Editor’s note: Ever notice that the best way to teach moral principles to a child is to use anthropomorphized animal characters? What if two real, live animals acted out their own morality play for a little boy? Don’t laugh: it happened. Our newest contributor shows how two squirrels illustrated beautifully the concept of makers and takers.
The other day my 2-year-old grandson was over the house and, as he normally does, he placed peanuts on the back patio for the local chipmunks and squirrels. Then he went about riding his tricycle through the house banging into the corners of the kitchen cabinets and woodwork.
In about fifteen minutes the first squirrel appeared. We alerted him and Ethan went to the glass door and pressed his nose to the glass so as to get as close to the squirrel as possible. Mr. Squirrel approached the door from the right side, hiding behind the 8-inch wood barrier of a flowerbed. When he felt safe, he hopped onto the patio and carefully selected a single peanut from about thirty or so, put it in his mouth and went back to the right and on to a different flowerbed about 20 feet from the house. I expected him to eat the nut right there, since this is what the little furry rats did all summer to Ethan’s peanuts. Instead, he buried it in my flowerbed by digging a hole in my neatly laid black mulch, placing the peanut in the hole and, as I was happy to see, smoothly covered the peanut with the black mulch to the point that only a bloodhound could find the hidden cache. Or so I thought. This went on for eight or nine trips to the patio and every peanut was buried in a different, neatly packed spot of my flower bed. I realized that he was just storing what he found for the long winter since the weather was in the fifties and it was still December here in Nashville, Tennessee. January and February were the cold months and they were in his future. Enterprising little rodent.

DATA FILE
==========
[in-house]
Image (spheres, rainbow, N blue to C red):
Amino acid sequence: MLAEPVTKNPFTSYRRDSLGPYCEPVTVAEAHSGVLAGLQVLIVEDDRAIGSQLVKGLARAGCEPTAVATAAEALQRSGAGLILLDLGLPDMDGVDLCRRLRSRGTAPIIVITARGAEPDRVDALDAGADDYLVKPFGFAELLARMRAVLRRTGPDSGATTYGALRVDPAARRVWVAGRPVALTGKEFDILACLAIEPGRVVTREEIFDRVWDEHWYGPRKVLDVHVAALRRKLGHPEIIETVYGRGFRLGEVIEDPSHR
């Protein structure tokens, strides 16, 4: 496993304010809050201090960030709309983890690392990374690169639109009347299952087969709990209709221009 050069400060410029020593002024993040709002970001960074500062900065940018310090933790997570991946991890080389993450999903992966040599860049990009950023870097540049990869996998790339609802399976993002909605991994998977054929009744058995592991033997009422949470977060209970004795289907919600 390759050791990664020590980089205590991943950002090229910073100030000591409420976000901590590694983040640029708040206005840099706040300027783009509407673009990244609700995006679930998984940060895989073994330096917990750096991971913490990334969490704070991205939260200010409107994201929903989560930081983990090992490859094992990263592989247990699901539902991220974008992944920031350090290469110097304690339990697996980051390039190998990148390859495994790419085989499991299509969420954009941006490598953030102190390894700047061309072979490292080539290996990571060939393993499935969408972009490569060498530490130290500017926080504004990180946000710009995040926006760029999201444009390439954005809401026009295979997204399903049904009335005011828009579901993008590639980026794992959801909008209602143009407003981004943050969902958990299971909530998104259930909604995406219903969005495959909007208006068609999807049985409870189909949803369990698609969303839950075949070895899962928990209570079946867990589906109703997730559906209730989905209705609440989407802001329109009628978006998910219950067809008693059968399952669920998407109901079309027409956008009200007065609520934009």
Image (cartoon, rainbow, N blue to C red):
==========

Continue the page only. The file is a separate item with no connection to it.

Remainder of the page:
Normally there were many squirrels in my back yard but this time only Samuel, as I named him, was making the round trip from patio to flower bed. I was happy that he was neatly patting down the black mulch so as to not put my flower bed in disarray. Hard-working, enterprising and considerate. What a guy! I was a little disappointed that all those peanuts were going to go to one squirrel, but what the heck, they were there and he was willing to do the required work to take them. All of a sudden I saw something move from the left of the yard. Another squirrel, I named Hussein for reasons that will soon become apparent, moved in from the left. However, he didn’t come to the patio to harvest a peanut, but instead went to the flowerbed which was closer to him and started to dig up one of the sequestered nuts. I guess the 20-foot hop to the patio was too much work for him to consider. He stole the nut and went back to the left of the yard.
From the right, Samuel hopped back to the patio and selected another nut, turned to his right and headed to the flowerbed to bury it. From the left Hussein approached and started to uncover another buried nut when Samuel spotted him and chased him all the way to the fence at left of the yard, from which he came. I can just imagine Samuel yelling,
That’s my nut, and I created that cache. Go get your own.
I could understand Samuel’s attitude, Hussein had the ability to run fast enough to get away from Samuel but didn’t want to spend the energy to gather his own food.
Makers and Takers
So, from Aesop’s Ant and the Grasshopper to modern day’s Makers and Takers, little has changed. There will always be those who prepare for the future and those who would rather others prepare for them. And, believe it or not, Samuel did approach from the right and Hussein did approach from the left. Now I’m not trying to indicate anything here, just stating a fact.ARVE Error: need id and provider
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